Posts Tagged ‘Subject-Matter Knowledge’
- Topology data
- Epidemiology data
- Sets of time series
- Medical data
- Geographic maps
- Network connections
- Financial data
- U.S. Government Budget
- Billions of customer transactions
- Radiation doses and their impact over time
Improving large-scale analysis of these and many other massive data sets presents an ongoing challenge for businesses, academia and government. Using information visualization techniques, however, allows us to explore visually and perhaps arrive at some understanding of patterns and groupings that might otherwise remain invisible.
Essentially, information visualization allows you to extract meaningful information from a sea of data.
And those data do not have to correspond only to the physical and concrete. They can be abstract, drawn from the domains of the symbolic, the textual, the logical, the tabular, the networked, and the hierarchical, among others.
Example: Accessing the Geosocial Universe via Mobile Devices
How popular are the various geosocial networks with mobile users? This infographic is a good example of “compare and contrast.”
Example: Ranking Themes in Documents
If you’re curious about the relationships among documents, this visualization shows clusters of themes and their strengths in health- and medical-related literature.
Example: Ordering News Topics by “Interestingness”
Ever want to find out what are the hottest news topics within a given time period? In this visualization, the most reported (hottest) topics are in the center column. Less-reported topics appear in the side columns.
Using Information Visualization to Improve Your Publications
For your visualization to be effective, it must be useful to your audience as well as aesthetically appealing. This requires thoughtful analysis, attention to detail, imagination, and no small amount of perseverance. This YouTube video provides some examples and techniques. You may also find inspiration in Edward Tufte’s website.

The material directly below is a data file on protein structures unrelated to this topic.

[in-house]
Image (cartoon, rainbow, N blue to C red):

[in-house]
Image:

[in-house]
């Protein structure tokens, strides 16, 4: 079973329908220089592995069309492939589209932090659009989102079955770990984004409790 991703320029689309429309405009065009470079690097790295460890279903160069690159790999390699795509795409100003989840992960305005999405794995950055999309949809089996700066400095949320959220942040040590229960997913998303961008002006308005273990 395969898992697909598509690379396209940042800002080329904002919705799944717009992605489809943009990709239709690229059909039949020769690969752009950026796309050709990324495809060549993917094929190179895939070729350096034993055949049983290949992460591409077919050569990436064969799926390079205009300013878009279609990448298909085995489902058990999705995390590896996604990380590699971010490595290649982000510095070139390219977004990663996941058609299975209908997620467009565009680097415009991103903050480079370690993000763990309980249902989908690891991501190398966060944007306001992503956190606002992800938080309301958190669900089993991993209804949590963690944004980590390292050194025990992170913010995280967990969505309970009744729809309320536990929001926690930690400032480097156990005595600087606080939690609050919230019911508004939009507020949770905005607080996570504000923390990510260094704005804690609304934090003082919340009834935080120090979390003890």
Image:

The idea is that you do the heavy lifting, so your audience doesn’t have to.
To guide your work, ask the following questions:
Does your visualization have a purpose? That is, what is the story you are trying to tell with this visualization? What information are you trying to tease out of the data and put into visual form?
Is your visualization the best one to convey the story? That is, when your audience sees the visualization, will they immediately grasp the “big picture” of your analysis of the data? Will they easily grasp the meaningful patterns in the subject? If details are also important, does your visualization scale to that level in a way that makes sense for the subject and the audience?
Is your visualization interactive? Interactive views allow you to guide the story and are especially helpful when there is too much detail to show all at once. Although interactivity works best online, it can be approximated in print by breaking out information into related visualizations.
Is your visualization beautiful? Beauty influences comprehension. How you present something can determine its usefulness. Visual attributes such as fonts, colors, sizing, orientation of view, scaling of graphic elements and placement of graphic elements have a large impact on the user experience. For an example of WOW! beautiful maps, check out Maps: Visualizing Twitter and Flickr Data.
Tell me, do you think information visualization is the new frontier?
Now it’s your turn: What do you think? Do you use information visualization in your work? Do you generate your designs by software or have a graphic artist create them? I’d really like for you to keep the conversation going by leaving comments. Thanks! Elizabeth Lexleigh LexPower The Write Ideas
What does it take to improve the visibility of your web page or website in a search engine’s results list? Can you actually improve your search-engine ranking? And, most important, is that what really drives more visitors to your page or site?
A lot has been written about search engine optimization (SEO) and its value as an Internet marketing strategy.
Over the years, of course, search engines have caught on to so-called black-hat techniques, often referred to as spamdexing, which can get a page or site removed from a search engine’s index. So ethical website designers have learned to avoid bad practices like link farming, keyword stuffing and article spinning. And beyond the ethics question, to my knowledge there has never been any clear-cut evidence that such tricks ever really worked without any massaging of the results data.
Legitimate practices for optimizing a web page or site, the so-called white-hat techniques, include backlinking, removing barriers to the search engines’ indexing activities, cross-linking between a website’s pages and URL normalization.
Perhaps the most important technique of all, however, is to create worthwhile content that is truly relevant to your audience and also contains the keywords that your audience is most likely to use in their search queries. Place those keywords on pages, in title tags and in meta descriptions.
In my opinion, content wins, hands down, over other website-based methods of optimizing for search engines. Here’s why:
- In order to create content that is relevant and useful for your audience, you have to know your audience. This requires research, analysis and thoughtful consideration, not black-hat tricks.